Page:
Vile Women


By Daché Rogers

Image: Lyra Walsh Fuchs ’19

           Josie trilled as she walked down Iberville Street, switching her hips and switching her voice from head to chest, head to chest until she felt almost dizzy. She practiced her scales after she caught her breath again, making her way past Marais Street and towards North Liberty. It was hot, hot enough for her to walk quicker so she would get back to the House and out of the midsummer New Orleans sun. The pavements she walked smelled of something sour and were littered with garbage, and the heat only made the sights and smells worse.

           Sometime in the couple of years she’d been living in Storyville, Josie had become acquainted with the streets and places of the small district. Iberville Street itself, where cars clanked by and people strolled in silence, marked the boundary between Storyville and the rest of the city. The street she walked drew a line between who she now was and the type of person she used to be, but she walked it as if the city was all the same—except it wasn’t. The New Orleans she’d grown up in was something much less interesting, much more dignified, somehow more confined, than the mere sixteen blocks that made up the place she now called home.

           Storyville held a sense of magic to her. Especially because in just another night, she would be in front of a crowd again. That was what she’d left home for in the first place, what the district represented to her. She imagined the eyes of the people in the saloon looking at her, and her stomach was pricked with a wave of hot nerves and excitement. The circumstances of her performance weren’t ones that she would have chosen two years prior, but a stage was a stage, and the stage was what she really wanted.

           Iberville was lined with cribs, miniscule compared to the House, some with boarded up doors and windows after a series of raids the week before. Still, women stood in front of the buildings, talking in crowds of three or four, with lipsticked mouths and pinned hair. They cursed and laughed at each other, throwing playful hands and sucking on cigarettes. Once the police showed up—which they always did when a group of black prostitutes were on the street—there would be no evidence that any of these women knew the others. They would disappear, probably between a couple of the closed brothels or through a panel house’s sliding door. Once the streets were clear of the law, the women would return and look for men to take to bed. They knew how to be always accessible and always invisible.

           Josie was still practicing her song when she finally reached Basin Street. She turned the corner and saw Loretta talking to Harrison, a cigarette in her hand like all the other working women, other hand on her hip.

           “Come back when you have more money,” she was telling him, puffing gray smoke in his direction. “You don’t get to fuck and fuck me without paying extra. If we’re gonna risk our business selling to you then you gotta pay what you owe.”

           Josie passed them, giving Loretta a polite smile, which the woman answered with a slight nod of the head. Josie got to the door of the House, and as she closed the door behind her, she could hear the distant sound of a train.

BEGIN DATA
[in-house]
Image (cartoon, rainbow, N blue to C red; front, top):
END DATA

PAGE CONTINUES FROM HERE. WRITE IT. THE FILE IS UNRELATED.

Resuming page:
Madam Alice’s House of Pleasures was one of many brothels in Storyville, but it was fancier than most. Standing two stories tall with brightly painted siding, the place was not to be ignored by anyone walking down Basin Street. Madam Alice, the owner and proprietor of the place, had been running it for three years. Next door was a saloon that she owned as well, a squat building where she hosted parties on the weekends and sold liquor through every other day. She wasn’t making a fortune, but she did well for herself, better than she had done before. And she wouldn’t mind making more. With the opening of the new railroad station and the word of mouth of satisfied customers, business was good.

           Alice was a large woman in size and ambition. She had a large bosom and a thick pair of hips, a full pink mouth, and a head of big dark curls. She stood no higher than five feet tall, but, with her booming voice, extravagant dresses, and hats with towering feathers, she commanded attention. According to the 1908 census, she was ‘Alice White, 38 years old, coloured,’ but, in reality, she’d changed her name and age more than four times in her forty-six years. She’d done it because she could, because she knew how to both demand and divert attention. And all the attention she got, she turned it on the House. She designed her business, herself, and the women that she sold, to capture the gaze. Her girls, the soft-skinned, high-class, beautiful, wildly vile, lush, vulgar, sensual, pretty-almost-white-but-black girls were mirrors of herself. They were exactly what any man needed, and would become whatever any man wanted for a price. Men that could pay paid for a dream.

           Alice stood in the front hall when Josie walked in, absently primping herself and running numbers in her head. People needed to be paid, relationships needed to be continued, there was much to do to keep the House running. The police raids from the week before hadn’t been surprising, but they had made Alice more vigilant. She wondered why the city had gone through all the trouble of pushing all the whores into one area if they would keep arresting them. So much time, so much money spent on establishing Storyville, and now that the place worked, it was being suppressed. It was as if they had sectioned them all off to make getting rid of them easier, like they were roaches or something. Well it wouldn’t be so easy to get rid of her House.